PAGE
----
Lucy Alice Jackson,
Throughout the course of literature, the solitary mind has been a prevalent theme giving us as readers access to the darkest aspects of human nature and the world around us. Enter Margaret Atwood’s Oryx and Crake, the first in a dark trilogy centered around a bleak apocalyptic world and the experiences of its few survivors.
Within the scattered and irrational mind of the main character Jimmy, we are told of a society where an intense social divide leads every citizen to either stifling control or rampant chaos depending on their parents’ success. Tensions run high and environmental resources are almost completely gone, reserved for only the elite. Science has progressed immensely to compensate for this, and genetic enhancements and experimentation have become the norm as mankind searches for new novelties alongside breakthroughs. So when a lethal virus wipes out almost the entirety of mankind, Jimmy must face a barren world devoid of the technological security he once had as well as any form of human companionship. Atwood creates a character stumbling on the brink of madness, his thoughts a challenge for the reader to comprehend. His raw despair and anger takes centre stage throughout the narrative, enhanced by Atwood’s rich sensory imagery.
Alongside Jimmy, we also encounter the Crakers, a humanoid species reverted to and fixed within a primal state of existence. They flourish in the new world, and in order to survive Jimmy must interact and gain the favour of a form of humanity that is much like his own yet so frustratingly different in their emotional state, traditions and perception. Yet through their interactions with the last of humankind, Jimmy introduces one key element which had been removed from the Crakers’ existence- religion. Inadvertently, through his explanations of the world around them and their origin, Jimmy creates a new form of faith within the species that holds the potential to advance them to the state of mankind prior to the outbreak. This presents us with the question of whether religion is a positive or negative force in society. Does it provide drive and meaning, or does it only hinder us? Would we eliminate it if given the chance? Can we eliminate it at all? Atwood leaves this concept open to the reader’s interpretation.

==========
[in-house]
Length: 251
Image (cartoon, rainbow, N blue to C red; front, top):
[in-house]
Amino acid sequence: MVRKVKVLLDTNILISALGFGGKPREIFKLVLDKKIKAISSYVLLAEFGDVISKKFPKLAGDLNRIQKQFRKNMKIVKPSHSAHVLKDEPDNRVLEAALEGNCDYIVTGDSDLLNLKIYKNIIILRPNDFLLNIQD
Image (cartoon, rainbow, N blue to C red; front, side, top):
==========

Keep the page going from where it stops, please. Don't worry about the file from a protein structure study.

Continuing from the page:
Atwood’s novels have always been a source of inspiration and intrigue for me, her powerful writing only adding to the vibrant worlds and characters which she creates. The character of Jimmy is a being of moral greys, simultaneously likeable and detestable, and to this day I am still unclear as to what her true intentions were behind this characterisation. I would urge however, that one should not read the trilogy out of order as this may present numerous plot holes and unfamiliar terms to the reader.
Overall, Oryx and Crake examines the relationship between man and nature, and through engaging prose provides us with an image of society which we are invited to scrutinise and question. It shows us that even the best intentions can lead someone to commit acts of unspeakable horror, a concept which is proved time and time again, shattering the concept of an achievable utopia. Atwood’s trilogy serves as a dark reminder of the nature of humanity and a warning against excessive ambition.
Lucy Alice Jackson